Like the first edition, this new edition of Training Design Basics guides new course developers and instructors, and Subject Matter Experts (SMEs) and others who find themselves responsible for doing so, through the process of designing and developing their first training programs. In addition to explaining how to design face-to-face classroom and workbook-based courses, this new edition also addresses the design of two types of online courses: live virtual classroom and self-study tutorials. After introducing readers to guiding concepts of adult learning and human performance improvement and providing an overview training design projects, Training Design Basics explains how to analyze a project, then design, develop, implement, and evaluate the program resulting from the analysis. This edition of the book maintains the practical approach that made the first edition so popular, with additional insights arising from years of use of the first edition by practicing professionals. For example, unlike other instructional design books that primarily focus on the analysis and evaluation phases, this book continues to emphasize the design and development phases, along with practical guidance to course designers on the implementation of their courses. Worksheets for each phase of the process help readers apply the concepts in the book in their own instructional design projects, as does a companion website with other resources and advice.

Author Saul Carliner is an internationally-known expert on training and communication. He is an Associate Professor of Educational Technology and Provost’s Fellow for Digital Learning at Concordia University in Montreal. Also an industry consultant, Carliner provides strategic planning and instructional design services to organizations in Asia, Australia, Europe, and the Americas to clients such as Alltel Wireless, IBM, Lowe’s, Microsoft, ST Microelectronics, Turkish Management Centre, and several US and Canadian government agencies. His previous books include the award-winning Informal Learning Basics and e-Learning Handbook, and popular An Overview of Online Learning He has received the  Kenneth Rainey Award for Excellence in Research and Jay Gould Award for Teaching from the Society for Technical Communication, and the Alumni Teaching Award from his university.    He is a Fellow and past international president of the Society for Technical Communication, a past research fellow of ATD, and a past board member of the Canadian Society for Training and Development.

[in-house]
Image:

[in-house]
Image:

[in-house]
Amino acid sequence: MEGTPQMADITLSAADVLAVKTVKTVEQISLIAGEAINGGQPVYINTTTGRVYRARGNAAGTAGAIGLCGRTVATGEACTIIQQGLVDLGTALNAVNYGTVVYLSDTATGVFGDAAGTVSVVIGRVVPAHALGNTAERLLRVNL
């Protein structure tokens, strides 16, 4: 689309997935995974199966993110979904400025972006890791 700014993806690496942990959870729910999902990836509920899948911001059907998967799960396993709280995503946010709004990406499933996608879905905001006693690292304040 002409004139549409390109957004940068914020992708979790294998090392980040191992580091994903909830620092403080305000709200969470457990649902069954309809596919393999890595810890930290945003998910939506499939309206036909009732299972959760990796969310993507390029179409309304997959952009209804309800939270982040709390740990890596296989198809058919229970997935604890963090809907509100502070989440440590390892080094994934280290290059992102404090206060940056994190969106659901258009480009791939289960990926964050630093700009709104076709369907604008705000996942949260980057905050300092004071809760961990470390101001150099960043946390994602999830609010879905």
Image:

ATD Press is the publishing arm of the Association for Talent Development, the world’s largest association dedicated to workplace learning and development professionals. ATD’s members come from more than 100 countries and connect locally in more than 125 U.S. chapters and with more than 20 international partners. Members work in thousands of organizations of all sizes, in government, as independent consultants, and suppliers. Started in 1943, in recent years ATD has widened the profession’s focus to link learning and performance to individual and organizational results, and is a sought-after voice on critical public policy issues.

To order and receive more information about Training Design Bascis (second edition), visit https://www.td.org/Publications/Books/Training-Design-Basics-2. The book is also available from amazon.com, amazon.ca, bn.com, and indigo.ca

Informal Learning Basics

Supplementing and illuminating the book, Informal Learning Basics

Museums: A Free-Choice Learning Experience

Reviews, Reflections, and Research on Learning through Museums

Malls Across America

Reviews of Malls and an Occasional Shopping Tip

Designing e-Learning

A fine WordPress.com site

Information Design

Models, Processes, and Techniques

The Commerce of Content

Managing People, Projects, and Business on Training and Communication Projects